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Many Roles, Many Markets

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The functions of a public relations person are infinite. The specialist may be asked to promote an idea or sell almost any type of product. He or she must be ready, often on a moment's notice, to come up with a saleable plan which will get results for the firm.

Betsy Plank, Illinois Bell Telephone's assistant vice president for public relations, who has been in the field more than 30 years, has offered a clear summary of the different roles played by the public relations expert. According to Ms. Plank, the field has a wide range of practice. It includes counsel to management, community relations, research and identification of issues, employee communications, consumer relations, public affairs, investor and financial relations and marketing public relations.

The skills of public relations specialists can be utilized by nearly every segment of society. Holders of public office, for example, as well as local, ad hoc community organizations, emphasize up-to-date techniques in communication and persuasion. And improving community relations is of primary importance to all of them. Businesses, small and large, avail themselves most of the skills of public relations specialists to show potential consumers that they will benefit from purchasing and using the product.

A product must be good or in the long run, large numbers of people will not repeatedly purchase it. But, no matter how good the product, if it is not sold properly-if the message regarding its high quality is not carefully presented-even the best product will not approach its potential sales volume. Ultimate profit is a two-way street on which these two equally important factors must travel side by side.

Communicating to the consumer, to create and continue a favorable impression, is crucial for all types of products. This includes breakfast cereals and cola, which have frequent resales, and for expensive, infrequently replaced products like automobiles.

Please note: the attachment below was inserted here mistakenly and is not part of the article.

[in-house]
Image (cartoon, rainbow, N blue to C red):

Communication and advocacy are crucial and interrelated functions of the public relations specialist. He or she must not only communicate a message to the potential consumer in a clear, concise and gripping fashion but also convince the consumer to purchase or use the product or service which his client is selling. The message is not intended to be neutral. It is advocating a specific point of view. What the client is trying to sell is better or preferable to those of competing companies who are also trying to sell their products or services to the same publics.

Being successful is not easy. There is a great deal of competition. Makers and sellers of competing products, too, utilize the skills of public relations practitioners.

Prior to putting out a marketing campaign for a particular product, a public relations person must do a great deal of study, research and hard thinking. As we've stated before, today's world is very, very complicated and it gets more complex daily.

Consequently, ascertaining how to reach the separate publics is more difficult than it was a decade or so ago when modern society was not so diverse and complicated. The public relations specialist must first identify, and accurately define, the public or publics which he or she intends to reach and then select the tools and techniques with which to reach them.

Keep in mind that no matter what product one wishes to sell, there is an abundance of good competition out there trying just as hard to attract the consumer's dollar. Therefore, in order to make an appreciable impact, one must pinpoint exactly where and how to act. In ascertaining how to be effective, one must wear many hats. Having sophisticated knowledge and expertise in public relations is essential, but that alone does not suffice. What about psychology, sociology and motivational research? In fact, thorough knowledge of all the social and behavioral sciences is advisable, at times even essential.

Producers of products have begun concentrating efforts in these regions on the impact of these groups as consumers. The so-called "browning of America" has already begun. Efforts to reach these new consumers have also started and will be positively expanded throughout the 2000s.

As is the case with other races and ethnic groups, Hispanics cannot be categorized simply. They do not fit neatly into one socio-economic group. Some, unfortunately, are not well-educated and work at relatively menial jobs. Others have partaken of the American dream and must be appealed to in the same fashion as other middle and upper class, economically successful and educated Americans.

To remain ignorant of these key demographic changes would be tantamount to missing the essence of public relations, as it performs an invaluable role to marketing in America in the future.
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